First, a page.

This is the VOA Special English Development Report.
Sakena Yacoobi was a child in Herat , Afghanistan, she saw many women suffer. They
had no education and little or no medical care. Many died in childbirth.
the nineteen seventies she came to the United States. She became a professor
and health consultant. But in nineteen ninety-two, she visited Afghan refugee
camps in Pakistan. What she saw persuaded her to return to her homeland.
nineteen ninety-five she started the Afghan Institute of Learning. The
organization began by serving Afghan women and girls in the camps in neighboring
that time, the Taliban controlled most of Afghanistan. The rulers would not let
girls go to school. Sakena Yacoobi risked her life to set up eighty secret
schools in Afghan homes. About three thousand girls attended these schools.
American-led forces ousted the Taliban from power in
late two thousand one, after the terrorist attacks on the United States.
Today Sakena Yacoobi says her organization avoids the
most dangerous provinces. It operates education and health centers and
traveling clinics. The institute has trained more than fifteen thousand
teachers and has provided health education for half a million women. Seventy
percent of its four hundred fifty staff members are women.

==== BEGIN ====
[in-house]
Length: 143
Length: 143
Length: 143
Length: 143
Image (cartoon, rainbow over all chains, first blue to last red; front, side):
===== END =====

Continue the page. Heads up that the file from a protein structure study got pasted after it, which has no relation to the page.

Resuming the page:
The group invites men as well as women to discussions on
the Koran's teachings about the equality of the sexes.
In two thousand
three, to educate women, the institute established Gawhar Shad University in
Peshawar, Pakistan. The university currently has about one hundred eighty
students. Around the same number already have graduated. The university offers
degrees in education, business, nursing, health education, math and computer
Each year, the Afghan Institute of Learning serves about
three hundred fifty thousand women and children in Afghanistan and Pakistan. Sakena
Yacoobi has received many awards, including this year's two hundred fifty
thousand dollar Henry R. Kravis Prize in Leadership. In accepting the award from
Claremont McKenna College in California, she said: "Every day, I see the
impact of education, and that's the force that keeps me going on."
And that's the VOA Special English
Development Report, written by Jerilyn Watson, with reporting by Carolyn Weaver.